Mill6

Warm Up, the latest programme organised by non-profit art organisation Mill6 Foundation, had some ambitious objectives: revitalising handicrafts, passing on Hong Kong’s cultural heritage, fostering neighbourhood connections, bridging the gap between generations, and reviving knowledge of textiles and garments. Caroline Ha Thuc speaks to the foundation’s director Angelika Li and curator Him Lo. What was your vision for the event, and how do you deal with so many topics and communities at the same time? Angelika Li: Mill6 is a unique establishment. It was once a factory space for textiles, and we are rejuvenating it to become, by 2018, a space for textile arts and culture, heritage and innovation. We are developing six different programmes and approaches: exhibitions, community engagement, learning, heritage, artist-in-residency and public art. We also have several different target audiences, as well as different partners and collaborators. With each project we must therefore consistently ask the questions: What are the purpose and the meaning? What cause does it serve? How can we be sustainable? What are the inherent values? Our focus is clearly …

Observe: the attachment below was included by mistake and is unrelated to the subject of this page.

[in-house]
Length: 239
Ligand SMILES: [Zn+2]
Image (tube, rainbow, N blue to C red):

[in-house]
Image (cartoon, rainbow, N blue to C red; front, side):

A portrait of the artist as an emergency

In January 2016 Patrick Healy, Amsterdam based philosopher and artist, was invited by the School of Design [The Hong Kong Polytechnic University], to conduct a series of PhD and research seminars. With Patrick in Hong Kong for 3 weeks, and knowing him for a number of years, it provided us an ideal opportunity to – not only – reminisce about old times but use the lunch time discussion to understand how his philosophical position, artistic research and personal interest intersect. The following discussion was the result of this discussion exposing the man behind the philosopher in the process of becoming himself. By Gerhard Bruyns Artomity: You’re a philosopher, performance artist, painter, sculptor, educator and writer. When and how did you get the idea of combining art and philosophy? Patrick Healy: Well, during my studies of philosophy – at almost the very end of my formal studies – we started reading Nietzsche. In itself that was considered very daring because my teachers mostly specialised in metaphysics and medieval and ancient philosophy. So it was almost like …